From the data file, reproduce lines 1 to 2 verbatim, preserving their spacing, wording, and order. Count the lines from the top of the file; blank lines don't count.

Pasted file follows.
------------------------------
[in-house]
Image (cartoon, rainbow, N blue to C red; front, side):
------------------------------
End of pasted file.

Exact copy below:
[in-house]
Image (cartoon, rainbow, N blue to C red; front, side):